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Mark Zuckerberg may have lied to Congress about who can see WhatsApp messages

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The Facebook-owned WhatsApp regularly boasts of using end-to-end encryption and keeping communications between users private, but a report alleges that some monitoring of messages does take place, and that Mark Zuckerberg may not have told the truth to the U.S. Senate.

In 2016, WhatsApp announced it was using end-to-end encryption for all communications on its platform, covering everything from messages to file transfers. The use of end-to-end encryption is intended to offer users a level of privacy and security, but it seems that may not be true for the messaging app.

In a report by ProPublica, it is claimed WhatsApp employs more than 1,000 contract workers in Austin, Texas, Dublin, and Singapore, specifically for examining "millions of pieces of users' content." The workers "use special Facebook software" to look through messages and content that have been flagged by WhatsApp users, and have been screened by AI systems.

The reviews occur in spite of an assurance that appears in the app before users send messages for the first time, claiming "No one outside of this chat, not even WhatsApp, can read or listen to them."

In 2018 testimony to the U.S. Senate, Facebook CEO Macrk Zuckerberg claimed "We don't see any of the content in WhatsApp."

The report adds that the claims are bolstered by a whistleblower complaint filed with the U.S. Securities and Exchange Commission in 2020. The complaint said about WhatsApp's use of external contractors, AI, and account information for monitoring user messages, images, and videos, and that WhatsApp's claims about protecting user privacy are false.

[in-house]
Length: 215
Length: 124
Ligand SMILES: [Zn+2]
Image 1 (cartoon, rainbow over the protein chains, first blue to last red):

"We haven't seen this complaint," said a WhatsApp spokesperson. The SEC has also, so far, not acted on the complaint in public.

While the claims of monitoring user messages may be an indication that WhatsApp's end-to-end encryption may not be completely secure, there may still be some truth to its privacy credentials.

As content is encrypted, automated systems are unable to scan the content by default. Instead, after a user reports a message, it and four previous messages, as well as supporting content, are sent to WhatsApp in a non-encrypted form.

In effect, end-to-end encryption is maintained with no backdoors in the encryption itself, but WhatsApp's app is able to leak the information out at either end of the communication.

In a statement, WhatsApp said it builds the app "in a manner that limits the data we collect while providing us tools to prevent spam, investigate threats, and ban those engaged in abuse, including based on user reports we receive." WhatsApp also emphasized the trust and safety team, the work of security experts, and its introduction of new privacy features.

This is not the first time WhatsApp had to deal with allegations surrounding its encrypted messaging service. In 2017, there were claims a backdoor was discovered that allowed Facebook to see the contents of encrypted messages. At the time, WhatsApp denied there was a backdoor in use.

In 2021, privacy policy changes caused another headache for WhatsApp, one that had WhatsApp updating business chat logs so they could be stored on Facebook servers. Users were wary of the change, insisting it was a grab by Facebook for personal data.

Updated at 11:36 A.M. Eastern: Facebook reached out to AppleInsider shortly after publication to reiterate points that we already made in the article. In turn, we asked how WhatsApp's moderation squares with Zuckerberg's testimony before Congress in 2018.

"WhatsApp provides a way for people to report spam or abuse, which includes sharing the most recent messages in a chat," Facebook said in a return email. "This feature is important for preventing the worst abuse on the internet. We strongly disagree with the notion that accepting reports a user chooses to send us is incompatible with end-to-end encryption."